Consultation open on positive ageing strategy

Tue 03 Jul 2018

The Government is consulting on a new positive ageing strategy. The consultation closes on 24 August 2018. The current Positive Ageing Strategy ...

The Government is consulting on a new positive ageing strategy. The consultation closes on 24 August 2018.

The current Positive Ageing Strategy was created in 2001. This consultation is focused on developing a new strategy, recognising the growing ageing population, increasing diversity, and changing needs of older people in employment, housing, health, aged care and social services.

Currently there are around 725,000 people over age 65 in New Zealand. It is estimated that by 2028 there will be 1 million people and by 2038, people over 65 will make up almost a quarter of the total population. Seniors Minister Tracey Martin said:

"We need a strategy to ensure that we are in a good position to deal with these demographic shifts and the wider changes that are happening in society, and that are going to happen.

Along with having a positive environment for the individual people represented in these figures, our ageing population has implications for employment and housing, health and aged care, social services and our economy."

The Office for Seniors (in the Ministry of Social Development) is running the consultation. They have published a consultation document and several short snapshots on key topics. The consultation document provides an overview of key issues and questions to start conversations. Some of these questions relate to elder abuse including:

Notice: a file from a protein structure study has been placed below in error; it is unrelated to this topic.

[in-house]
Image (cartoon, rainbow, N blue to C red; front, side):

• How can we ensure all older people are respected and receive the support they need?
  • What would reduce older people’s risk of abuse and harm?
  • How can older people be supported to continue to make their own decisions and prepare for the future?

Other questions relate to diversity, housing, employment, retirement, social connection and digital access.

There are a number of ways to give feedback, including:

  • Written submissions
  • Local meetings and discussions
  • An online survey
  • Through the Office for Seniors social media.

See the SuperSeniors webpage on the consultation or email for more information.

Update: The new positive ageing strategy, Better Later Life – He Oranga Kaumātua 2019 to 2034, was launched in November 2019.

Related research and resources

Elder abuse

In Aotearoa New Zealand, a research project estimated that about one in ten older people reported some form of abuse. For more information, see the report: Measuring Elder Abuse in New Zealand: Findings from the New Zealand Longitudinal Study of Ageing (NZLSA) (Waldegrave; Family Centre Social Policy Research Unit, 2015).

In 2017, the World Health Organization highlighted findings from a study published in the Lancet Global Health showing that nearly one in six people over the age of 60 are estimated to experience some form of abuse. For more information, see: Elder abuse prevalence in community settings: A systematic review and meta-analysis (Yon et al, 2017).

Age Concern New Zealand reports that the alleged abusers are family members in 76% of calls for their elder abuse services.

For more information see our recent news story on Elder Abuse Awareness Week 15-22 June 2018 - It's OK to ask for help.

Ageing strategies

Minister Martin first announced that the Government would develop a new positive ageing strategy in April 2018. The 2001 Positive Ageing Strategy is available on the Ministry of Social Development website, as well as progress reports and fact sheets.

The Ministry of Health released the Healthy Ageing Strategy 2016 to replace the Health of Older People Strategy 2002. The strategy "... presents the overarching direction and action plan for the next 10 years in regards to the health and wellbeing of older people." It includes an action plan with some actions related to family violence and elder abuse and neglect. One of these is focused on updating the Family Violence Intervention Guidelines: Elder Abuse and Neglect (Ministry of Health, 2007).

Image: Kelly Sikkema on Unsplash

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